Interfaith Friendsgiving Brings Together Diverse People

Photo courtesy of Cecilia, Flickr

The Jewish student organization Hillel and the Muslim Student Association, also known as MSA, worked to eliminate religious barriers at an interfaith dinner held on Nov. 21 called “Friendsgiving.”

“We wanted to do something Thanksgiving-themed, since we thought gratitude was such an important concept, especially from our faith tradition,” said Talia Mizikovsky, Director of Jewish Student Life.

“We thought is there any better way to invite different faiths in an interfaith setting where we could all share gratitude and create connections with one another,” she continued.

While students dined on Thanksgiving classics such as stuffing and mashed potatoes they thoughtfully crafted questions displayed at the center of the table to prompt facilitated conversation and cause individuals to reflect on the significance of the holiday.

“Thanksgiving is a time to express gratitude and I am personally thankful to attend an institution where I am allowed to practice my religion openly and celebrate with others that do not fall under the same religious umbrella,” said Cassandra O’Malley, senior and president of Hillel.

According to popular folklore, the holiday traces back to the 15th century when the early colonists and Native American Indians shared an autumn feast, Thanksgiving is one of the few holidays with no religious affiliation.

“I love the fact that it’s an American holiday without any religious affiliations so that it’s universally acceptable in many ways,” said Mizikovsky.

“I think gratitude is such an important part of the Jewish faith and every faith that I’m aware of. It’s something that we shouldn’t celebrate once a year but we should work to integrate it in our everyday lives,” she continued.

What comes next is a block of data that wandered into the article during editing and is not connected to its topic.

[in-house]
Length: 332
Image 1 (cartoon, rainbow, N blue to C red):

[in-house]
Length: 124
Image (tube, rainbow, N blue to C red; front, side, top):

The universality of Thanksgiving helps to break down religious, cultural and social divides between people.

“Thanksgiving encourages people of all backgrounds to come together because it is meant to be a place of comfort and welcoming,” said Rand Abdul-Raziq, sophomore and president of MSA.

“People are usually surrounded by friends and family, and are encouraged to open their doors for others who might not be spending their holiday with loved ones. Its basic yet essential aspects look beyond race and faith.”

Events such as “Friendsgiving” foster an inclusive atmosphere that not only highlights similarities between different religions but also pushes attendees to reflect on their own ideology.

“We have been working closely with other religious organizations to plan events showing that even though there are traditions specific to each religion, we are all based in beliefs or non-beliefs of the same ideas,” said O’Malley.

“Planning interfaith events has brought me closer to not only the religions I am just getting introduced to, but also encourages me to look deeper into my own,” she continued.

Although the Thanksgiving holiday comes to a close after the last bite of pie, the important themes and messages may be remembered throughout the year.

“Our differences make us unique, but we all share common values,” said Dawn Wilkenfeld, senior and social director of Hillel.